Artificial intelligence is a broad and growing discipline that touches many facets of everyday life for humans and is more recently emerging in veterinary medicine through topics like companion animal health, population medicine and zoonotic diseases, and digital agriculture and food sustainability. While there has been considerable growth in the use of AI in human medicine, to date, there has been no concerted effort to bring veterinarians practitioners and AI researchers together and share knowledge. This symposium, the first of its kind, will provide a forum for veterinarians, computer...

Tuesday, April 23, 2024 - 4:00pm

“Can we stop the next pandemic by preventing spillover?”

Wednesday, April 24, 2024 - 4:00pm

"The aldehyde hypothesis”

Mycobacterium tuberculosis, a human-exclusive pathogen, is arguably the deadliest microbe on the planet. While SARS-CoV-2 killed more people than M. tuberculosis for a year or two, it is estimated M. tuberculosishas killed 1-2 million people yearly for millennia. The long coexistence of this bacterial species with humans has likely resulted in the selection of host and pathogen populations that prevent either's extinction. We propose...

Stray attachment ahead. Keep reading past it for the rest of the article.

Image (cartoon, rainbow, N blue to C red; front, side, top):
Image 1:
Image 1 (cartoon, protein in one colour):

Friday, April 26, 2024 - 12:15pm

Title: "Antibodies and Their Receptors: Coupling Innate and Adaptive Immunity"

By: Jeffrey Ravetch, The Rockefeller University

Wednesday, May 1, 2024 - 4:00pm

“Two-component regulatory systems and antimicrobial resistance in Klebsiella pneumoniae”

Biography:

Dr. Anne-Catrin Uhlemann is an Associate Professor of Medicine in the Division of Infectious Diseases at Columbia University Irving Medical Center, where she also directs the CUIMC Microbiome & Pathogen Collaborative Center and the Columbia University O’Brien Center for Benign Urology. She completed...

Thursday, May 2, 2024 - 4:30pm

Most existing and emerging infectious diseases have their origin in animal populations. In the wake of the COVID-19 pandemic the need to understand the cause and impacts of wildlife diseases, as well as how to manage them, has only become increasingly salient.   

Join us for a live, hybrid Chats in the Stacks book talk with Robin Radcliffe, associate professor of practice in Wildlife and Conservation Medicine in the Veterinary School, and David Jessup, former senior...

Wednesday, May 8, 2024 - 4:00pm

"Pathogenesis of enteric fever"

Salmonella Typhi and Paratyphi cause a prolonged illness known as enteric fever, whereas other Salmonella serovars cause gastroenteritis.  Emergent multidrug resistance has increased the challenge posed by Salmonella infections, particularly in Asia and Africa.  This presentation will describe new insights into pathogenic mechanisms of S. Typhi and S. Paratyphi A that distinguish them from nontyphoidal Salmonella serovars....

Friday, May 10, 2024 - 12:15pm

Title: "Human Antibodies for Emerging Infectious Diseases"

By: James Crowe, Vanderbilt University

Friday, May 17, 2024 - 12:15pm

Title: "Far From Home: T Cell Migration Through Non-Lymphoid Tissues"

By: Susan Schwab, NYU Grossman School of Medicine